As soon as you push the red door that’s always reluctant to move either way, there’s that soft hush of the air-conditioner and the furriness of the insipid grey carpet below your feet. There are a few students murmuring, someone browsing the paper. As you walk in, someone kneels between shelves, lost in the forest of books, someone else hunts on the computer for that book they need. To the far corner is someone scribbling in her book, yet another one is fast asleep on Modern Western Art and several others lost in that new companion, the laptop.
It’s the library. The Mecca of learning, the ultimate dozing centre, the deep-freeze of NID, the place to go when your brains are out of order, to go when you want to breathe icy air, and last but not the least, the place to go to do that nearly-extinct activity called reading.
A library is more than just stacks of books on shelves and cool air-conditioning. There are little saplings of booklets, newly sprouted on shelves, and there are mighty trees, which have been solidly rooted there for years. In between is the forest floor, richly covered with millions of thoughts, ideas, dreams, values and hopes. Its rivers and streams of excitement, cynicism, boredom, love, hate, passion, intellect, philosophy, history and future all swirl around there in an intangible, invisible vortex. You can take shade under some mighty tome, or you may graze on some little books. Like any good old forest, there are chances of getting lost in this one for hours on end.
There are robots and ponies, geometry and poetry, the Mughals and typography, 15th century Europe and time travel in 3090, all rubbing shoulders with one another. You may be taking a leisurely walk or a 200-miles-per-hour ride in someone’s mind, depending on what you are reading. Sometimes something may bore you enough to send you running back to class, but there’s value in knowing what boredom is too.
Inside this forest of books you can see some interesting characters. Here is the dozer. She sits at the back of the library, getting some shut-eye during the day. This is not a lazy person, she came in with good intentions of browsing through several books. In her enthusiasm she yanked ten or more books from the shelves, made herself comfy, only to be lulled to sleep by the cool air, the quiet, and some incredibly boring text. She may be awakened by her mobile phone, a friend jabbing her, or the librarian’s “Utho”!
And there is the lawn stare-er, who sat to read but got so mesmerized by the greenery below, that instead of getting lost in the book she is now lost in observing the lawn-mower’s progress. Sometimes she can even be seen deeply engrossed by the crow’s antics on the branch. Most of us have been either lawn-stare-ers or dozers at some point in time.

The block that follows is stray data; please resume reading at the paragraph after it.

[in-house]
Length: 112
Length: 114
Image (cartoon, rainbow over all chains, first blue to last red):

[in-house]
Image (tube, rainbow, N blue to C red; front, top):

Then there’s that poor character known as the ‘hunted’. She is the one who placed some precious book in the ‘don’t touch’ section before going out for chai, and comes back to find some ‘hunter’ has moved the book, or has borrowed it, leaving her destitute. One can see this person staring emptily at the shelf where she last saw her treasure.
The shepherds of the forest are of course, the librarians. They look after the ecosystem and don’t let anyone sneak in with shoes, bags, a non-issued book, food, drink, pets etc. They also check identity cards with the enthusiasm of the CIA. Without these shepherds there would be total anarchy inside.
An interesting lot are the ‘mobile ringers’. They are the ones who are just quietly reading their stuff, when suddenly their mobile rings loudly, waking up the dozers, provoking glares from the shepherds, even interrupting the lawn stare-ers silent love affair with the lawn.
Being a part-time dozer and a full-time reader, I spent many happy hours in that cold forest. How I wish I had spent ten times more time than I did! It’s sad to see students looking to the computer for inspiration, when actually it is sitting there on the shelves. It’s hard to accept that the magic of reading is not as widespread as it should be, and it’s even harder to think of leaving a library with so many books left unread, magazines untouched, and archives unexplored. Even when I have browsed a bookshelf a hundred times, each time I find some new little sapling, or big tree among the others, which I did not notice before. And in that moment, I get a warm feeling even in the cold air.
The author is co-founder and Director, Content Design at Steta